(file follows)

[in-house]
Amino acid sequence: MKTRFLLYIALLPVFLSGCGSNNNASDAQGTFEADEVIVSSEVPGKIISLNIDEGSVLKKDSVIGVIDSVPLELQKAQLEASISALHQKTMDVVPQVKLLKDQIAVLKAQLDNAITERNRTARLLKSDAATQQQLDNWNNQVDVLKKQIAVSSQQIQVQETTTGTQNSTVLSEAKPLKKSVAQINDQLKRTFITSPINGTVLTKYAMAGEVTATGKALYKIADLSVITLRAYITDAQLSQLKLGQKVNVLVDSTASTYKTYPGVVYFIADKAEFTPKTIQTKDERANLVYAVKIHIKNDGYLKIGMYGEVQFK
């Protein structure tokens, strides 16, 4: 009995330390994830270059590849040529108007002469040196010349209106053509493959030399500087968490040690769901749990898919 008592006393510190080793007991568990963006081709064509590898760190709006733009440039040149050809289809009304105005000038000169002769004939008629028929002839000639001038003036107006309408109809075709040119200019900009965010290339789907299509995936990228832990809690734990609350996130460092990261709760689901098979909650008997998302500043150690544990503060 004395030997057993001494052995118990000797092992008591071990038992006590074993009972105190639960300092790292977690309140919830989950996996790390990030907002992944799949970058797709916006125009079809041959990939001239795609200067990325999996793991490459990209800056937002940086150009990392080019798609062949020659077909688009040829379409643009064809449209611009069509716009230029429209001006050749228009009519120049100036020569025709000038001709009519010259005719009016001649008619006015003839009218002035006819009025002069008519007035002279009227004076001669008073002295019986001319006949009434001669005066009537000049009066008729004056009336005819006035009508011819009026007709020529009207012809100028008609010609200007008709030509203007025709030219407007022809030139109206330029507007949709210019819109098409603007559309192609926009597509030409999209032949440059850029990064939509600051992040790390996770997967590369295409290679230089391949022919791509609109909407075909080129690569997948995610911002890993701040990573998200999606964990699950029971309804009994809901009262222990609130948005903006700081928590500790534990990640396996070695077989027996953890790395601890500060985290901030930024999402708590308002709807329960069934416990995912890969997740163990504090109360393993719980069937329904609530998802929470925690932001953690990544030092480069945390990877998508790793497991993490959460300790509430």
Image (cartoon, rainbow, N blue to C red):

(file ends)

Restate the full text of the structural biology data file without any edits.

[in-house]
Amino acid sequence: MKTRFLLYIALLPVFLSGCGSNNNASDAQGTFEADEVIVSSEVPGKIISLNIDEGSVLKKDSVIGVIDSVPLELQKAQLEASISALHQKTMDVVPQVKLLKDQIAVLKAQLDNAITERNRTARLLKSDAATQQQLDNWNNQVDVLKKQIAVSSQQIQVQETTTGTQNSTVLSEAKPLKKSVAQINDQLKRTFITSPINGTVLTKYAMAGEVTATGKALYKIADLSVITLRAYITDAQLSQLKLGQKVNVLVDSTASTYKTYPGVVYFIADKAEFTPKTIQTKDERANLVYAVKIHIKNDGYLKIGMYGEVQFK
């Protein structure tokens, strides 16, 4: 009995330390994830270059590849040529108007002469040196010349209106053509493959030399500087968490040690769901749990898919 008592006393510190080793007991568990963006081709064509590898760190709006733009440039040149050809289809009304105005000038000169002769004939008629028929002839000639001038003036107006309408109809075709040119200019900009965010290339789907299509995936990228832990809690734990609350996130460092990261709760689901098979909650008997998302500043150690544990503060 004395030997057993001494052995118990000797092992008591071990038992006590074993009972105190639960300092790292977690309140919830989950996996790390990030907002992944799949970058797709916006125009079809041959990939001239795609200067990325999996793991490459990209800056937002940086150009990392080019798609062949020659077909688009040829379409643009064809449209611009069509716009230029429209001006050749228009009519120049100036020569025709000038001709009519010259005719009016001649008619006015003839009218002035006819009025002069008519007035002279009227004076001669008073002295019986001319006949009434001669005066009537000049009066008729004056009336005819006035009508011819009026007709020529009207012809100028008609010609200007008709030509203007025709030219407007022809030139109206330029507007949709210019819109098409603007559309192609926009597509030409999209032949440059850029990064939509600051992040790390996770997967590369295409290679230089391949022919791509609109909407075909080129690569997948995610911002890993701040990573998200999606964990699950029971309804009994809901009262222990609130948005903006700081928590500790534990990640396996070695077989027996953890790395601890500060985290901030930024999402708590308002709807329960069934416990995912890969997740163990504090109360393993719980069937329904609530998802929470925690932001953690990544030092480069945390990877998508790793497991993490959460300790509430």
Image (cartoon, rainbow, N blue to C red):